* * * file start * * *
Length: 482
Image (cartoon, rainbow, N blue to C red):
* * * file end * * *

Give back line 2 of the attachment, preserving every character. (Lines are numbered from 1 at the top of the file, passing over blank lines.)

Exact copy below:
Image (cartoon, rainbow, N blue to C red):